Where would you go to visit a mayonnaise cafe? Japan.
Wochit, Louisville Courier Journal
For nearly a century, the two sides of Eugenia Duke’s original business coexisted. Then the spreads came.
Duke’s Mayonnaise sued in North Carolina federal court three upstate companies – Duke Sandwich Productions, DFP Sandwich Shops and Duke Brands – for alleged trademark infringement, unfair competition, false designation of origin and trademark dilution.
“As the steward of this iconic and beloved brand, it is our responsibility to ensure that loyal Duke’s customers receive the unmatched quality and flavor they have come to expect in the 90 years,” David Coburn, a spokesman for Duke’s Mayonnaise, said in a statement.
The companies share a common founder, Eugenia Duke, who invented a mayonnaise recipe and in 1917 began selling sandwiches for soldiers fighting in World War I. She sold the sandwich business in 1923 to focus on her mayonnaise product. Later, she sold the mayonnaise recipe and the Duke brand to C.F. Sauer Co. in 1929.
While Duke’s Mayonnaise grew popular in grocery stores, Duke Sandwich expanded to three upstate restaurant locations.
The defendants began marketing and selling Duke sandwich spreads in grocery stores, the lawsuit says. Late last year, the defendants created a Duke logo for the spreads that looked like Duke’s Mayonnaise black and yellow labeling, the lawsuit says.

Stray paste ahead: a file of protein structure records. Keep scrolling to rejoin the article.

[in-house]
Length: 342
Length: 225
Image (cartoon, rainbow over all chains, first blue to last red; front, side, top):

“Defendants are engaging in this conduct in order to confuse consumers into believing they are connected to the famous DUKE’S brand, therefore allowing Defendants’ new packaged spreads and foods business to freeride off of the established and still rapidly growing national reputation of the DUKE’S brand,” the lawsuit says.
John Boyanoski, a spokesman for Duke Foods, said Duke’s Mayonnaise had not expressed concern about the defendants’ spreads until discussions began to sell the mayonnaise company to a private equity firm.
“We continue to ask the question of why now,” Boyanoski said in a statement. “Sauer did not object when Duke Foods expanded into retail grocery more than a decade ago and Sauer then partnered with us on the 2017 celebration of the 100th anniversary of Eugenia Duke founding her company.”
Sauer Brands, which was acquired by a Charlotte-based equity firm this summer, filed the suit in federal court late last week.
The defendants have until late November to file a response to the lawsuit.
Duke’s Mayonnaise asks in the suit for the defendants to change their name and branding so they less resemble each other.
“We plan to fight to keep our name and our brand,” Boyanoski said.
Duke Foods employs more than 300 people in Greenville, North Carolina, and the Caribbean. Duke’s Mayonnaise is manufactured in Mauldin, South Carolina, and Kansas. The Mauldin factory employs 380 people.
Haley Walters covers public safety, crime and breaking news. Email her at firstname.lastname@example.org and follow her on Twitter @_haleywalters
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